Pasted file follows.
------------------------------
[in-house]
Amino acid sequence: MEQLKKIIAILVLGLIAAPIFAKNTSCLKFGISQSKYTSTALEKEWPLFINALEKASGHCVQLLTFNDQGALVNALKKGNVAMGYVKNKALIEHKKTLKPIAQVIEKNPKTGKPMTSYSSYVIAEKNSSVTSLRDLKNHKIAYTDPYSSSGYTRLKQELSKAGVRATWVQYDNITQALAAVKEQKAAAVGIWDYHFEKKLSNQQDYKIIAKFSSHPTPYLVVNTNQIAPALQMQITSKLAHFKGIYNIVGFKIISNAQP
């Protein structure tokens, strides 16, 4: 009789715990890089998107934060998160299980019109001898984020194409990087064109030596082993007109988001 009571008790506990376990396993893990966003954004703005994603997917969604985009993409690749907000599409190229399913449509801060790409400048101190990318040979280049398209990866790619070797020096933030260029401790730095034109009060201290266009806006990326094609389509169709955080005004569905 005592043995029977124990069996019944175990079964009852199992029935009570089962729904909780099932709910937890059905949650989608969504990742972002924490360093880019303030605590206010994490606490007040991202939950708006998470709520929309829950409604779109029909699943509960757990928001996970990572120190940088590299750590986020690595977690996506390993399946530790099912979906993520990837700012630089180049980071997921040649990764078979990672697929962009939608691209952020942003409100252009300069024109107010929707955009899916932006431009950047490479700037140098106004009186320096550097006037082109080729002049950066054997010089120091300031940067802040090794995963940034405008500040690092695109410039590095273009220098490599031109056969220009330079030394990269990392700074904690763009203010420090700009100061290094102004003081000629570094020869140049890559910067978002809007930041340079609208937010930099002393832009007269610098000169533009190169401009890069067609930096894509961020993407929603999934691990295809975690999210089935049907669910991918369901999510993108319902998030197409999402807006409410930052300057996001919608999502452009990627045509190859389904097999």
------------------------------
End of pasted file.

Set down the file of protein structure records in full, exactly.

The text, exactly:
[in-house]
Amino acid sequence: MEQLKKIIAILVLGLIAAPIFAKNTSCLKFGISQSKYTSTALEKEWPLFINALEKASGHCVQLLTFNDQGALVNALKKGNVAMGYVKNKALIEHKKTLKPIAQVIEKNPKTGKPMTSYSSYVIAEKNSSVTSLRDLKNHKIAYTDPYSSSGYTRLKQELSKAGVRATWVQYDNITQALAAVKEQKAAAVGIWDYHFEKKLSNQQDYKIIAKFSSHPTPYLVVNTNQIAPALQMQITSKLAHFKGIYNIVGFKIISNAQP
């Protein structure tokens, strides 16, 4: 009789715990890089998107934060998160299980019109001898984020194409990087064109030596082993007109988001 009571008790506990376990396993893990966003954004703005994603997917969604985009993409690749907000599409190229399913449509801060790409400048101190990318040979280049398209990866790619070797020096933030260029401790730095034109009060201290266009806006990326094609389509169709955080005004569905 005592043995029977124990069996019944175990079964009852199992029935009570089962729904909780099932709910937890059905949650989608969504990742972002924490360093880019303030605590206010994490606490007040991202939950708006998470709520929309829950409604779109029909699943509960757990928001996970990572120190940088590299750590986020690595977690996506390993399946530790099912979906993520990837700012630089180049980071997921040649990764078979990672697929962009939608691209952020942003409100252009300069024109107010929707955009899916932006431009950047490479700037140098106004009186320096550097006037082109080729002049950066054997010089120091300031940067802040090794995963940034405008500040690092695109410039590095273009220098490599031109056969220009330079030394990269990392700074904690763009203010420090700009100061290094102004003081000629570094020869140049890559910067978002809007930041340079609208937010930099002393832009007269610098000169533009190169401009890069067609930096894509961020993407929603999934691990295809975690999210089935049907669910991918369901999510993108319902998030197409999402807006409410930052300057996001919608999502452009990627045509190859389904097999």